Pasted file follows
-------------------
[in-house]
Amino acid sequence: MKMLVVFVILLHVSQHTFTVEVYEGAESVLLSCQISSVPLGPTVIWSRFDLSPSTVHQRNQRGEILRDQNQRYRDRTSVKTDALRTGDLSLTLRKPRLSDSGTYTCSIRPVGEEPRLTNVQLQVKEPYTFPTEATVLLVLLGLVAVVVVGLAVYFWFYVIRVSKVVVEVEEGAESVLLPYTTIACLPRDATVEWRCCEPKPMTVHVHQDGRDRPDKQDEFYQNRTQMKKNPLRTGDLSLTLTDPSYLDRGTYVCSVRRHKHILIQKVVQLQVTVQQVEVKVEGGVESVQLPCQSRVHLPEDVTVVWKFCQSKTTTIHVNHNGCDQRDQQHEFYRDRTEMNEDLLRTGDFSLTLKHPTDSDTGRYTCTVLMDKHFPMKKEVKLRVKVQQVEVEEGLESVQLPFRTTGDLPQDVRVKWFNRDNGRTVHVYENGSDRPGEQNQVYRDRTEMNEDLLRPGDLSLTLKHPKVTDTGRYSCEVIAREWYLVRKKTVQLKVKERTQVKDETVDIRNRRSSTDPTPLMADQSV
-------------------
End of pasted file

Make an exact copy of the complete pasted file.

[in-house]
Amino acid sequence: MKMLVVFVILLHVSQHTFTVEVYEGAESVLLSCQISSVPLGPTVIWSRFDLSPSTVHQRNQRGEILRDQNQRYRDRTSVKTDALRTGDLSLTLRKPRLSDSGTYTCSIRPVGEEPRLTNVQLQVKEPYTFPTEATVLLVLLGLVAVVVVGLAVYFWFYVIRVSKVVVEVEEGAESVLLPYTTIACLPRDATVEWRCCEPKPMTVHVHQDGRDRPDKQDEFYQNRTQMKKNPLRTGDLSLTLTDPSYLDRGTYVCSVRRHKHILIQKVVQLQVTVQQVEVKVEGGVESVQLPCQSRVHLPEDVTVVWKFCQSKTTTIHVNHNGCDQRDQQHEFYRDRTEMNEDLLRTGDFSLTLKHPTDSDTGRYTCTVLMDKHFPMKKEVKLRVKVQQVEVEEGLESVQLPFRTTGDLPQDVRVKWFNRDNGRTVHVYENGSDRPGEQNQVYRDRTEMNEDLLRPGDLSLTLKHPKVTDTGRYSCEVIAREWYLVRKKTVQLKVKERTQVKDETVDIRNRRSSTDPTPLMADQSV